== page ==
After full tummies at dinner, the family starts opening gifts.  The whole affair continues till morning.  With the western influences of Santa Claus, I remember the gifts from Santa appearing under the Christmas Tree upon our return from the Midnight Mass.

During Christmas Day, the family eats the leftover from last night's feast and continues the celebration with a huge Christmas lunch while the doors get plenty of knocks from visitors- god children and neighborhood kids asking for monetary gifts (This is called "pamamasko"). New bills and coins are happily distributed  until they run out and the doors are locked, as we pretend there's no one home. :)

Thank you for reading and I wish you all a Merry Christmas!
Love & Light,


Images via: 1 /  2

Friday, December 20, 2013


Today I would like to introduce you to these tiny men who live in every bakery in Basel in the countdown to Christmas, the Grättimaa. Grättimaa are approximately 20 cm tall, have a round belly and an even rounder hear with two big black eyes. Made of a soft, sweet dough, their eyes are two raisins and they're sprinkled with pearl sugar. Grättimaa are to be enjoyed on St Nicholas' Day (6th December) but they start to pop up in town in November and sometimes stay around until Christmas time. Though they're already delicious on their own, I like mine spread with a bit of butter. Yummy!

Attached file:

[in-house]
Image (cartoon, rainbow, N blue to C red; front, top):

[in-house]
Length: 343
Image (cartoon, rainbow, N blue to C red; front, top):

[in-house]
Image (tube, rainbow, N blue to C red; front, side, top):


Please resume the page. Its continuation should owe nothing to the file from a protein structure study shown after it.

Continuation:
In Switzerland St Nicholas, known as Samichlaus, is also a very important celebration and a very special day for children, who wait all year long for him to bring them some small present (you can read about his Dutch counterpart in this post). Children will also enjoy many a small treat, including chocolates, mandarines and or course, grättimaa, which many families also bake at home on the run-up to 6th December.

Grättimaa are typical from Basel but similar baked goods can be found in every other Swiss town and also in other German-speaking countries. Usually without sugar on top, they receive very different names according to the region they come from. Only in Switzerland, they are known as Elggermaa in Thurgau or Grittibänz in many other parts of the country and in Germany they are called Stutenkerl, among other names.

Nest yearI might even try to bake my own grättimaa but I'm already happy that I've enjoyed a couple of them this season before they disappeared from the local supermarkets.

Do you also have traditional Christmas treats in your countries?
Which are your favourites?
Have a lovely weekend!

Wednesday, December 18, 2013

A stroll around Geneva